As I was leaving the McNay Art Museum, I looked back and saw this sculpture by Jean Arp through the full length windows by the entrance. Sometimes art captures me, not because of the piece itself, but because of the artwork in it’s particular space. In this case, I was struck by the small sculpture framed in the giant portrait window with a flood of light that wasn’t directly behind it, but slightly off to one side. The image of the sculpture in its space became an artful vision of a piece of artwork. I shot this photo from outside the museum. If you look at the high res image you can barely see my ghost like reflection taking the picture.
Sometimes, the title of a piece adds to its impact. In this case, “Saint of the Forest Edge” was ironic, since it sits just inside the window looking out over perhaps the most beautiful grounds of an art museum I’ve ever experienced, yet forever trapped inside.
This is another picture from the courtyard of the McNay Art Museum in San Antonio. I loved the way this gorgeous bloom sat perched on the end of a branch over the water. The two fallen petals, still colorful, lay as a nearby reminder that some of life’s most beautiful things are momentary and fleeting. We have to enjoy them in the moment.
It was late last night as I walked through the McNay. Some of the galleries are lit by natural sunlight through the windows. Since darkness was descending I loved the way this Cezanne was highlighted on the wall. I thought the dramatic lighting silhouetted the portrait in a beautiful way. Loved the way the photo turned out.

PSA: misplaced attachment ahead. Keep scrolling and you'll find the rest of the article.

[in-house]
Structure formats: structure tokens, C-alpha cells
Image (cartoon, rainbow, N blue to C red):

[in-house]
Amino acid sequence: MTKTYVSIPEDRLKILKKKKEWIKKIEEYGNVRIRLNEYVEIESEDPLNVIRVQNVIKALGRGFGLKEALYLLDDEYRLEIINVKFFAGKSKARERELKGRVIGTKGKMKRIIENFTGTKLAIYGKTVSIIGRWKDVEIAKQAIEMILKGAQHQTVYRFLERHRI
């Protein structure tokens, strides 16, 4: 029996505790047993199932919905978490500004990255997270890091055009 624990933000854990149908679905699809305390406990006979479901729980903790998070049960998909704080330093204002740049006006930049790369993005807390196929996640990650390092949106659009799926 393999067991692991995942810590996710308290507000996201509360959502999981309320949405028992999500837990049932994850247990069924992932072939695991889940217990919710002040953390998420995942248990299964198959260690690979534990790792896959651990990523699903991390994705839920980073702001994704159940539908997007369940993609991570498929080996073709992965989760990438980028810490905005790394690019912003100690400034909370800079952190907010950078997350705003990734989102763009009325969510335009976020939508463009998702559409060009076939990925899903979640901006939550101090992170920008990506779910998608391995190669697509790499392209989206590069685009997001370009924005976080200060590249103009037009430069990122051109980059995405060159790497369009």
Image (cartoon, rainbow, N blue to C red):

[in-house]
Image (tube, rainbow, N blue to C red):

I don’t often go out when I’m on the road, but last night I realized the McNay Art Museum was open late. Wendy and I first discovered the McNay on our honeymoon in San Antonio. It’s a gorgeous, small museum with a surprisingly magnificent collection. The museum itself is fascinating and there it a courtyard that is so beautiful and peaceful I think I could spend an entire day just sitting in it.
I snapped this pic last night as the sun was waning.
I love photographing theatre. Sometimes it is because I want to capture and remember a moment that, when you’re dealing with live theatre, is gone in an instant. This photo from the 2006 production of The Dominie’s Wife has always been a favorite of mine. Not because I think it’s a particularly great photograph. It’s not. I loved this moment in the show, and I loved watching it from backstage. The photo always takes me back to that moment.
I took this photo from where I was waiting in the wings stage left. Wendy was playing Mareah Scholte, and in this scene she walks silently across stage with a lace mourning veil over her head as the death bell chimes. She is lit in blues as the audience sees her in an almost haunting silhouette. To the left in the photo you can see the shadows of the narrators downstage. It’s a wonderfully poignant moment and I loved how Wendy physically captured the movement of this 19th century woman walking behind her husband’s casket in mourning.